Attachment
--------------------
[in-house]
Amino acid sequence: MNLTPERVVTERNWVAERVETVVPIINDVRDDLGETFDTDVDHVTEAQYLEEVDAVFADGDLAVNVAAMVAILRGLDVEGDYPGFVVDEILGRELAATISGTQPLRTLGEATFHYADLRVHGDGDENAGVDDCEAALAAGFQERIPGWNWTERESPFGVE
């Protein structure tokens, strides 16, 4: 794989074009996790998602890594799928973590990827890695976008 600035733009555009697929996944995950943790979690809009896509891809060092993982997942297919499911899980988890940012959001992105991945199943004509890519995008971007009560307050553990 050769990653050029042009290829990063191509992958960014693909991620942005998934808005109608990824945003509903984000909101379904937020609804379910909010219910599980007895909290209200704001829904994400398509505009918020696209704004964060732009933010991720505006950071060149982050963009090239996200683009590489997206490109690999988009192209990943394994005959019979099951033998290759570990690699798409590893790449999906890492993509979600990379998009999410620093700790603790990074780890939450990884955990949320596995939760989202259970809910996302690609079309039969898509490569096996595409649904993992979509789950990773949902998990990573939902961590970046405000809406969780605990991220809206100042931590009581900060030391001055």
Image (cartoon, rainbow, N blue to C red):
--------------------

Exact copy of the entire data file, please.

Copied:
[in-house]
Amino acid sequence: MNLTPERVVTERNWVAERVETVVPIINDVRDDLGETFDTDVDHVTEAQYLEEVDAVFADGDLAVNVAAMVAILRGLDVEGDYPGFVVDEILGRELAATISGTQPLRTLGEATFHYADLRVHGDGDENAGVDDCEAALAAGFQERIPGWNWTERESPFGVE
């Protein structure tokens, strides 16, 4: 794989074009996790998602890594799928973590990827890695976008 600035733009555009697929996944995950943790979690809009896509891809060092993982997942297919499911899980988890940012959001992105991945199943004509890519995008971007009560307050553990 050769990653050029042009290829990063191509992958960014693909991620942005998934808005109608990824945003509903984000909101379904937020609804379910909010219910599980007895909290209200704001829904994400398509505009918020696209704004964060732009933010991720505006950071060149982050963009090239996200683009590489997206490109690999988009192209990943394994005959019979099951033998290759570990690699798409590893790449999906890492993509979600990379998009999410620093700790603790990074780890939450990884955990949320596995939760989202259970809910996302690609079309039969898509490569096996595409649904993992979509789950990773949902998990990573939902961590970046405000809406969780605990991220809206100042931590009581900060030391001055």
Image (cartoon, rainbow, N blue to C red):